In some sad news this week, several media outlets have reported that author Lilian Jackson Braun, famous for her "The Cat Who..." mystery novel series, has passed away at the age of 97. In her long career, Braun wrote twenty-nine novels and three short stories, all but one with the word "Cat" in the title.
While many obituaries I read mentioned the fictional cats in her books, I became increasingly interested on one thing: What inspired her to start writing these mysterious cat tales to begin with?
An internet search revealed a republished profile from 1987 with The Detroit Free Press, where she worked as "The Good Living" editor for 30 years. In the piece, Braun talked openly about her own cats, and revealed the unfortunate origin of the feline-centric mystery series:
"Braun, who formerly worked as an advertising writer and later as living section editor of the Free Press, traces the start of her literary activity to a cat tragedy. In the early 1960s, she and her first husband lived in a 10th-floor apartment in Detroit, where they kept a pet Siamese, the first Koko.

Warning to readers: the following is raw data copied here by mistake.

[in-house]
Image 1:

"When he was two years old, he slipped out and was killed in a fall from a 10th-floor window, " Braun recalls. "I was heartbroken." Later, when neighbors told Braun someone had pushed Koko from the window, her sorrow turned to anger.
"I began having nightmares about friends and relatives falling from 10th-floor windows, " she says. "I realized that to get rid of these feelings I'd have to write about it. So I wrote a short story, based on the episode."
The resulting tale, "The Sin of Madame Phloi," caught the eye of Ellery Queen Mystery Magazine, which bought it. The late critic Anthony Boucher, a detective writer himself, hailed the author as "a fabulous fabricator of felonious feline fiction."
Meanwhile, Braun had replaced the original Koko with Siamese littermates, Koko II and Yum-Yum, who became models for her fictional cats. When Koko and Yum-Yum died, Braun brought in Pooh-Bah and Pitti-Sing to carry on the cat mystery tradition."
[You can read the profile in its entirety here.]
I'm embarrassed to admit I haven't read any books in "The Cat Who..." series (what kind of cat lady am I, anyway?) but plan on picking one up soon in honor of Braun, who was able to turn her passion for cats into a lifelong career.
Do you have any favorites that you'd recommend?
Image credit: Daddyo Fattyo